Belfast Telegraph

From taxis to IT, the waste for taxpayers must stop

The Belfast Telegraph has declared War on Waste and is inviting its readers to expose abuse of taxpayers’ money in Northern Ireland. Here’s what some of our readers have said so far

The biggest waste that I can see is the thousands upon thousands of written correspondences which could be replaced by email/online transactions, for those who want to change. This won't suit everyone but I, for one, would rather have everything done online.


Greedy Consultant GPs that earn in excess of £300k a year from their private patients and disgracefully use Health Trust administrative staff, IT equipment and stationery to fund the admin of their private business.


Members of the Territorial Army were sent to Cyprus to patrol the Greek Cypriot-Turkish border for six months. They were already in full-time employment, so the government had to cover their wage as a member of the TA and pay for their replacement in their place of employment, which normally would be a contractor at inflated rates.


Why do GPs, consultants and other public sector employees get six weeks holidays every year, along with 10-12 public holidays? The private sector norm is around four weeks of annual leave with 8-9 holidays. The additional cost of this excess leave is a complete waste... think of the additional productivity that could be gained by normalising the public sector holidays with those in the private sector.


Paying for taxis from Downpatrick to North Down for redeployed staff on a daily basis; this is disgraceful when there are staff that are capable in the unit who can do the job. The health service has a cheek to talk about cutbacks, they need to start with managers who do nothing all day other than walk about looking like they are important.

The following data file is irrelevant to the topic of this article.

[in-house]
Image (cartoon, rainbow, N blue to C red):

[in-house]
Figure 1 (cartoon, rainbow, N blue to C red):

I supply products to government departments. I recently spoke to one procurement manager who didn't want to meet me to save money as (in his words) “I have a budget for this year, so have no interest in saving money.” Sums it up.


It baffles me to see the NICS paying travel for employees who they have moved to a different office. I have a friend who lives in Portstewart and was working in Coleraine County Hall, they transferred him to Belfast and paid travel for three years. And they have workers going in the other direction — why not put common sense to use and put workers in their local offices?


IT people in the civil service spend £600 each on chairs. Also, they have three or four computer screens when they only need one, max two. This was to use end-of-year spend.


I know of people with disabilities who work full-time. They claim and receive DLA cars, yet receive taxi payments through Access to Work. There are two brothers who claim from different addresses doors apart, work in the same building, share a taxi, yet claim a taxi each. This costs over £600 a month.


I’m co-ordinated by a co-ordinator, who is managed by a manager, who is senior managed by a senior manager, who is directed by a director — basically I do the work and everyone else takes the credit for it. Other wasteful practices include: rubbish non-inclusive away-days dominated by senior staff; ridiculous and expensive office equipment, items and furniture that are not used because they are not needed but money had to be spent — including TVs, plants and laptops.


With public funding coming under massive pressure, the call is going out to people to flag up inefficient practices where they work and live.

That applies to public sector employees and the many hundreds of thousands who use public services on a daily basis.

Instances of waste in the private sector are also very much welcomed.

Reporting cases could not be easier — just complete the form below to make your point.

War in Waste is not a criticism of Government employees: ensuring proper use of public money benefits them too.

Private sector businesses have much to lose from the cutbacks as well, including those boosted by the spending power of public employees, and those who provide goods and services to Government bodies.

This is why “War on Waste” is so important, as many hard-pressed organisations are going to have to make every penny count.

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